Parents give many reasons for forcing their children into marriage, including controlling the children’s sexuality and behavior and protecting “family honor.” Often families use forced marriage to enhance their status or gain economic security.
Forced and child marriages happen almost everywhere, yet only 10 states or jurisdictions have specific laws that can be used to prevent or punish forced marriage.
The Tahirih survey focused on immigrants, and it identified child marriages or forced marriages, or both, in immigrant communities from 56 countries of origin in Africa, Asia, Europe and the Americas, but it also identified such marriage in so-called American families.
Across the world, child marriage and forced marriage disproportionately affect girls and women.
Unchained at Last also requested health department data on the ages of people recently married in New York State, where 16- and 17-year-olds may wed with “parental consent” and 14- and 15-year-olds may wed with judicial approval.
More than 700 million women alive today were married before 18, including some 250 million who wed before 15, according to the United Nations Children’s Fund.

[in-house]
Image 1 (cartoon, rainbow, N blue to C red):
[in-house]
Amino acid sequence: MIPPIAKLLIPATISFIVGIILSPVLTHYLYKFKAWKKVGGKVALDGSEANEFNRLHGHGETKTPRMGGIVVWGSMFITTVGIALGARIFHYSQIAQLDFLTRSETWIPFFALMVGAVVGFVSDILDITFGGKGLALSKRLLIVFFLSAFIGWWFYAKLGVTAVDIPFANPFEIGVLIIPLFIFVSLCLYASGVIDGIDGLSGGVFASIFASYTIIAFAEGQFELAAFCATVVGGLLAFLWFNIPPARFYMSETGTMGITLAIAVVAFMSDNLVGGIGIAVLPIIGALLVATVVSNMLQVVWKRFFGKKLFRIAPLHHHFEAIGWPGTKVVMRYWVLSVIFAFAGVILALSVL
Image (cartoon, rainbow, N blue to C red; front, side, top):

Most live in South Asia or sub-Saharan Africa, but as these new numbers show, too many live right here in the United States.The survey found child marriage or forced marriage, or both, in families of many faiths, including Muslim, Christian (particularly Catholic), Hindu, Buddhist and Sikh.I have seen child and forced marriage in the Orthodox Jewish community, and I know survivors from Mormon and Unification Church backgrounds.IN the United States today, thousands of children under 18 have recently taken marital vows — mostly girls married to adult men, often with approval from local judges. The minimum marriage age in most states is 18, but every state allows exceptions under which children under age 18 can wed.The first common exception is for children marrying with “parental consent.” Most states allow children age 16 or 17 to marry if their parents sign the marriage license application.Most were age 16 or 17 and married with parental consent, but 163 were between ages 13 and 15, meaning a judge approved their marriages.Shockingly, 91 percent of the children were married to adults, often at ages or with age differences that could have triggered statutory-rape charges, not a marriage license.A survey by the Tahirih Justice Center, an NGO that provides services to immigrant women and girls, identified as many as 3,000 known or suspected forced-marriage cases just between 20, many involving girls under age 18.Tactics used against the victims included threats of ostracism, beatings or death.The article described incorrectly a marriage in New Jersey in 2006 and another one in 1996.In the 2006 marriage the groom was 18, not 10, while in the 1996 marriage the bride was 22, not 12.